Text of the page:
1. Daily deals. Sign up to receive almost daily emails from Peachy Cheap, Scrapbook Steals, and Crafty Steals. Most days they send out an email with a deeply discounted scrapbook product that is only available until they sell out. The products are from popular manufacturers (e.g., American Crafts, Sassafras, My Minds Eye, Fancy Pants). If you don’t want emails, you can fan these companies on facebook and see what deals they have that day in your newsfeed.
2. Start a blog. You can start a blog for nearly free (you do need access to a computer or a smart phone and an internet connection). You can upload your photos and share your stories online. You could do this instead of creating a conventional scrapbook. You can even get your blog printed up into a book.
3. Shop smart. Hobby Lobby routinely deeply discounts segments of their scrapbooking merchandise, watch the advertisements and then stock up in the section that is discounted. I stock up on thickers whenever they discount stickers by 50%. Another place to check is Big Lots. Big Lots is hit or miss but I’ve snagged Basic Grey chipboard there before.
4. Opt-in. Get on snail and email mailing lists and like your favorite stores and brands on facebook or follow them on twitter. You will get the scoop on sales and possibly coupons from your favorite retailers.
5. Swap. Organize a swap with your scrapbooking friends. I have always been hesitant of actually doing this because I don’t really want to end up with a bunch of junk so make sure you lay down some ground rules (e.g., age of the items, cost of the items, number of items).
6. Alter the supplies you already own. You can use ink (from a stamp pad or alcohol ink) to change the color of ribbon. You can use embossing powder to change the color of a brad. You can use paint to change the color of a button. Use your imagination and experiment!
7. Keep it simple. I can’t recall where I read it, but a scrapbooker whose blog I follow routinely uses kraft color cardstock. I think this is brilliant. Select a couple basic cardstock colors (kraft, black, white) and build your pages around these basics. You can then purchase the cardstock in bulk and save a bit of money. You also won’t waste your money buying cardstock colors you might never use. And your pattern paper will coordinate with any of these basic colors. This method would also help you save money on letter stickers if you stick to a couple basic colors. Your embellishments almost always will coordinate with basics like kraft, black, and white.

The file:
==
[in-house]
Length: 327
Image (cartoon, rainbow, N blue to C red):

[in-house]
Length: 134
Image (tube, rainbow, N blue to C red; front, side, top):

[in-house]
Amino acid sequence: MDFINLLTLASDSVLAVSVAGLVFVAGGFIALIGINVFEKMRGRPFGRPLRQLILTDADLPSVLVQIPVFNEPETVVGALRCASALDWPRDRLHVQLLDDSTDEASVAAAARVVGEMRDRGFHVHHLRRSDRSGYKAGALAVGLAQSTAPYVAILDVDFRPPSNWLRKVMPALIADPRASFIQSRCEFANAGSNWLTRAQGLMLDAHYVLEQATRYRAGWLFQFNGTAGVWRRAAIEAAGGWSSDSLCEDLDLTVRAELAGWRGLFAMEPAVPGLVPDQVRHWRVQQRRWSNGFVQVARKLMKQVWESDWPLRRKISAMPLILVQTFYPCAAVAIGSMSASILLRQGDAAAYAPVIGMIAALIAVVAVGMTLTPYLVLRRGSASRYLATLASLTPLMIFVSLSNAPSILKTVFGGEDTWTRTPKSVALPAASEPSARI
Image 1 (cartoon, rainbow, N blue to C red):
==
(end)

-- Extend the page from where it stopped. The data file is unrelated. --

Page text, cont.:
8. Use actual scraps. When I got into scrapbooking, the scrapbooking mantra was “make sure you use acid-free materials.” Acidity will destroy what you are creating over time. This is important if you have items that you want to preserve as long as possible—like photographs developed from film (i.e., you only have one copy of the print) and can not be replaced. In the digital era, this is less important. You can more easily scan the photo if it is from film and now you have a back-up of the print and I would encourage anyone who is about to use these types of photos in their scrapbook to get them scanned and backed up digitally first. I just sent off a box of negatives to have scanned at scancafe.com. If you are using photos that you have digital copies of, why not use whatever scraps you have on hand? Use tags from clothing (instead of selling or donating some of my daughter’s clothing, I am tearing off the colorful buttons and any other items that can used as an embellishment). Use pieces of cards (you might have a stack of Christmas or birthday cards, you’re not quite sure what to do with). Use what you already have.
9. Invest in a set of stamps or a personal die-cutting machine to use for letters instead of stickers. No more excess X’s and Z’s! Using stamps is definitely more affordable of the two options, but you might find a personal die-cutting machine worth the expense. If you have a friend or family member who is a scrapbooker, maybe you could split the cost of a personal die-cutting machine to share (will work best if you actually crop together).
10. Limit unitasker tools. If a scrapbook tool can only do one thing, decide if you really need it. You might even already have a tool that will work. For instance, I only bought a paper piercer when Tim Holtz created one that is retractable. I used a thumb tack up to that point. The thumb tack does the same thing…I was really swayed by the fact Tim Holt’z craft pick is retractable. Alton Brown and Erin Doland have discussed unitasker tools much more extensively, but consider what a tool really will do for you before spending the money on it.